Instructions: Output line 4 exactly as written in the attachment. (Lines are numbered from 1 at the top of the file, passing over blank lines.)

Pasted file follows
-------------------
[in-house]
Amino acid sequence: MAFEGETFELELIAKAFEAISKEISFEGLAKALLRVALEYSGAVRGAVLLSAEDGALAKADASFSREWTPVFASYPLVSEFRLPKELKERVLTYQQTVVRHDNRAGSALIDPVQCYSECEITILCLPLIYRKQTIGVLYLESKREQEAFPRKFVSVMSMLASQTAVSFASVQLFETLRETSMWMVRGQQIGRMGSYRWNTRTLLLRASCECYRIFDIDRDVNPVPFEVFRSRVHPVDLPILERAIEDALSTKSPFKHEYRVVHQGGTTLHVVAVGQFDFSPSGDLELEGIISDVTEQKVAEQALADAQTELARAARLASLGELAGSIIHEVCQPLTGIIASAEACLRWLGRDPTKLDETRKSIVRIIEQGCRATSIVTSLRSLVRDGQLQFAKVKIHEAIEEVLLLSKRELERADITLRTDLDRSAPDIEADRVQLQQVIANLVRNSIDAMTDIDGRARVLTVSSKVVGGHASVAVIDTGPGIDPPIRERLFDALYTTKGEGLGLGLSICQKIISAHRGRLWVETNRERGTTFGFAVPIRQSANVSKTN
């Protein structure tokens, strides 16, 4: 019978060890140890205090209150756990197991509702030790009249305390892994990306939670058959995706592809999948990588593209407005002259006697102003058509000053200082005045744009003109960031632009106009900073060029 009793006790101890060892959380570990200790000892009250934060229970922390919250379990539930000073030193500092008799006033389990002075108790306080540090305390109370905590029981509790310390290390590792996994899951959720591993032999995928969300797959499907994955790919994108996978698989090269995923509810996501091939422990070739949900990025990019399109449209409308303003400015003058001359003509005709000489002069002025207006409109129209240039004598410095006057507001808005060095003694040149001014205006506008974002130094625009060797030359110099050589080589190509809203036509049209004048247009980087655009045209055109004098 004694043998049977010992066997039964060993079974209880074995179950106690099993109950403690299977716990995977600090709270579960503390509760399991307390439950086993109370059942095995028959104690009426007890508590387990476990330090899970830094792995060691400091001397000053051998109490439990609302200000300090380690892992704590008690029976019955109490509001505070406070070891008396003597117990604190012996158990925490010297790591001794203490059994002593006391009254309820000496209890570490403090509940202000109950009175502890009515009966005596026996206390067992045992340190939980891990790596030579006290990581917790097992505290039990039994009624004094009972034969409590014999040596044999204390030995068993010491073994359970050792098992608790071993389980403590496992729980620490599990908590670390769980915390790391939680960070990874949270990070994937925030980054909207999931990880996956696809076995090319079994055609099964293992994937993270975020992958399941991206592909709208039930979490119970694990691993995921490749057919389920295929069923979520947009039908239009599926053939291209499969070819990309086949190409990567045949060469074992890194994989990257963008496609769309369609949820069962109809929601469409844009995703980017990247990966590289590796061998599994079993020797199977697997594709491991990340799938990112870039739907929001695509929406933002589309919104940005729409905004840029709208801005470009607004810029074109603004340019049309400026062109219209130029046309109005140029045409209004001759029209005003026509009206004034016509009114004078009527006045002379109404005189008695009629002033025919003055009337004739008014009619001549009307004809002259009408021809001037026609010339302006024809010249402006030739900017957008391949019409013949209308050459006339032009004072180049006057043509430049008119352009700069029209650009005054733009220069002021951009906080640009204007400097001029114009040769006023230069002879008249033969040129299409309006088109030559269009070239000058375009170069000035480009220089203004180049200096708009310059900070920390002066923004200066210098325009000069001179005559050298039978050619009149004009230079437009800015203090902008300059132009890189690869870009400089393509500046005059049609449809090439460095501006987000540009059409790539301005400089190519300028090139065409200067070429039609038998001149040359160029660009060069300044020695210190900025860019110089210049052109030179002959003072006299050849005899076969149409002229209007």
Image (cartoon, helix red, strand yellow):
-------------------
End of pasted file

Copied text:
Image (cartoon, helix red, strand yellow):